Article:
Computer Art Students Display Work in ‘Art on the Marquee’
By Julia Gavin
Exposure to a wide audience is one of the most important yet nerve-wracking experiences young artists face. While most students show work to classmates, professors and friends, two of Asst. Prof. Ellen Wetmore’s Computer Arts I students will share theirs with an audience of millions.
Duvivier Guignard and Nick Broadway have original animations running through June on the 80-foot-tall, seven-screen LED marquee outside the Boston Convention & Exhibition Center in South Boston. “Art on the Marquee” is presented by Boston Cyberarts and the Massachusetts Convention Center Authority to show public art along with its usual commercial and informational content. The student projects will play for approximately 10 minutes of every hour between 7 a.m. and 10 p.m. through June 30.
While Wetmore showcased her own art on the screen last year, this is the first time student work has been shown. Wetmore’s students were among just 10 proposals selected, along with others from Emerson, Mass Art, the School of the Museum of Fine Arts and Fitchburg State University.
“The students had to design work that uses the unusual shape of the screen, plays well to the public, and doesn’t require sound – these specifications informed their proposals,” says Wetmore, who required her students to apply as coursework. “The jury was thrilled by the breadth of material. Everyone used the space differently and used new skills they had and developed new ones.”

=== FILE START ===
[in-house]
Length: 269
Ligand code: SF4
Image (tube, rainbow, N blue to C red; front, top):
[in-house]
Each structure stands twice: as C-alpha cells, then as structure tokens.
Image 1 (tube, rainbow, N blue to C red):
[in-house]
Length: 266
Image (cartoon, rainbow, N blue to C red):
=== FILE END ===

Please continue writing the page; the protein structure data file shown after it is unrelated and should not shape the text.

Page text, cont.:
Guignard’s piece, “Stacks,” follows two characters robbing a second-floor apartment with a surprise.
“One robber waits in the bottom level and catches the items thrown off the fire escape by the robber on top,” says Guignard. “The items stack on top of each other, and it gets too heavy. Then the robbers are interrupted by a rabbit that knocks over the stack.”
Broadway’s animation, “Crash,” also follows characters as they move through the marquee’s several screens. His plan to use all of the available space and ability to coordinate the seven screens impressed the judges.
“The project changed from my original idea when I mocked it up and noticed eight seconds of empty space in one area,” says Broadway, who wants to work in game design.
Both students used several programs to create their projects, designing in Adobe Illustrator and Photoshop before moving in to After Effects for animation, which was a new experience for them. Wetmore’s husband, Jeff Warmouth, helped students at each school work with the show through Boston Cyberarts.
“Using After Effects was the biggest challenge,” says Guignard. “Ellen and Jeff really made the process a lot easier through their help.”
While working on the projects, the students knew their audience would be large, but couldn’t really fathom how many people might see their work. When Broadway went to Pax East with 60,000 other attendees at the convention center, he looked up at the marquee and suddenly had a better idea of the numbers of people about to see ”Crash.” “That was definitely exciting,” says Broadway.
Since launching in early May, the students’ animations have been seen by hundreds of thousands of Bostonians and visitors to the city with more to come by the end of June. While the exposure is thrilling for the young artists, the experience of designing for a public audience in a challenging space with professional jurying was priceless.
“I learned what to expect from now on and how much work and dedication it will take to get a project done and shown,” says Guignard. “However, it’s all worth it in the end.”